6. Financial Sector
Capital Markets and Portfolio Investment
Total market capitalization of the Indian equity market stood around $2.2 trillion as of December 31, 2019. The benchmark Standard and Poor’s (S&P) BSE (erstwhile Bombay Stock Exchange) Sensex recorded gains of about 14 percent in 2019. Nonetheless, Indian equity markets were tumultuous throughout 2019. The BSE Sensex generally gained from the beginning of the year until July 5, when Finance Minister Nirmala Sitharaman introduced a tax increase on foreign portfolio investment in her post-election Union Budget for the remainder for FY 2020. The Sensex declined, erasing all previous gains for the year as the new tax led to a rapid exodus of foreign portfolio investors from the market. The market continued to fluctuate even after the tax increase was repealed on August 23 until September 20, when the Finance Minister made a surprise announcement to slash corporate tax rates. After that, the Sensex surged and hit a record high of 41,854 on December 20. However, even as the benchmark Sensex hit record highs, the midcap and small cap indices disappointed investors with a year of negative returns. The Sensex’s advance was driven by a handful of stocks; two in particular Reliance Industries Ltd. and ICICI Bank Ltd. accounted for about half the gain. Foreign portfolio investors (FPIs), pumped a net of over $14 billion into India’s equity markets in 2019, making it their highest such infusion in six years. In 2018, FPIs pulled out $ 4.64 billion from the market. Domestic money also continued to flow into equity markets via systematic investment plans (SIP) of mutual funds. SIP assets under management hit an all-time high of $43.94 billion in November, according to data from the Association of Mutual Funds of India.
Foreign portfolio investors (FPIs), pumped a net of over $14 billion into India’s equity markets in 2019, making it their highest such infusion in six years. In 2018, FPIs pulled out $ 4.64 billion from the market. Domestic money also continued to flow into equity markets via systematic investment plans (SIP) of mutual funds. SIP assets under management hit an all-time high of $43.94 billion in November, according to data from the Association of Mutual Funds of India.
The Securities and Exchange Board of India (SEBI) is considered one of the most progressive and well-run of India’s regulatory bodies. It regulates India’s securities markets, including enforcement activities, and is India’s direct counterpart to the U.S. Securities and Exchange Commission (SEC). SEBI oversees three national exchanges: the BSE Ltd. (formerly the Bombay Stock Exchange), the National Stock Exchange (NSE), and the Metropolitan Stock Exchange. SEBI also regulates the three national commodity exchanges: the Multi Commodity Exchange (MCX), the National Commodity & Derivatives Exchange Limited, and the National Multi-Commodity Exchange.
Foreign venture capital investors (FVCIs) must register with SEBI to invest in Indian firms. They can also set up domestic asset management companies to manage funds. All such investments are allowed under the automatic route, subject to SEBI and RBI regulations, and to FDI policy. FVCIs can invest in many sectors, including software, information technology, pharmaceuticals and drugs, biotechnology, nanotechnology, biofuels, agriculture, and infrastructure. Companies incorporated outside India can raise capital in India’s capital markets through the issuance of Indian Depository Receipts (IDRs) based on SEBI guidelines. Standard Chartered Bank, a British bank which was the first foreign entity to list in India in June 2010, remains the only foreign firm to have issued IDRs.
Companies incorporated outside India can raise capital in India’s capital markets through the issuance of Indian Depository Receipts (IDRs) based on SEBI guidelines. Standard Chartered Bank, a British bank which was the first foreign entity to list in India in June 2010, remains the only foreign firm to have issued IDRs. External commercial borrowing (ECB), or direct lending to Indian entities by foreign institutions, is allowed if it conforms to parameters such as minimum maturity, permitted and non-permitted end-uses, maximum all-in-cost ceiling as prescribed by the RBI, funds are used for outward FDI, or for domestic investment in industry, infrastructure, hotels, hospitals, software, self-help groups or microfinance activities, or to buy shares in the disinvestment of public sector entities: https://www.rbi.org.in/scripts/BS_PressReleaseDisplay.aspx?prid=47736.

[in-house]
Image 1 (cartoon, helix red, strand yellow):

Total external commercial borrowings through both the approval and automatic route increased 61.45 percent year-on-year to $50.15 billion as of December 2019, according to the Reserve Bank of India’s data.
The RBI has taken a number of steps in the past few years to bring the activities of the offshore Indian rupee market in Non Deliverable Forwards (NDF) onshore, in order to deepen domestic markets, enhance downstream benefits, and generally obviate the need for an NDF market. FPIs with access to currency futures or the exchange-traded currency options market can hedge onshore currency risks in India and may directly trade in corporate bonds. In October 2019, the RBI allowed banks to freely offer foreign exchange quotes to non-resident Indians at all times and said trading on rupee derivatives would be allowed and settled in foreign currencies in the International Financial Services Centers (IFSCs). This was based on the recommendations of the task force on offshore rupee markets to examine and recommend appropriate policy measures to ensure the stability of the external value of the Rupee (https://m.rbi.org.in/Scripts/PublicationReportDetails.aspx?UrlPage=&ID=937). The International Financial Services Centre at Gujarat International Financial Tec-City (GIFT City) in Gujarat is being developed to compete with global financial hubs. The BSE was the first to start operations there, in January 2016. The NSE and domestic banks including Yes Bank, Federal Bank, ICICI Bank, Kotak Mahindra Bank, IDBI Bank, State Bank of India, and IndusInd Bank have started IFSC banking units in GIFT city. Standard Chartered Bank and Bank of America started operations in GIFT City in 2019.
The International Financial Services Centre at Gujarat International Financial Tec-City (GIFT City) in Gujarat is being developed to compete with global financial hubs. The BSE was the first to start operations there, in January 2016. The NSE and domestic banks including Yes Bank, Federal Bank, ICICI Bank, Kotak Mahindra Bank, IDBI Bank, State Bank of India, and IndusInd Bank have started IFSC banking units in GIFT city. Standard Chartered Bank and Bank of America started operations in GIFT City in 2019.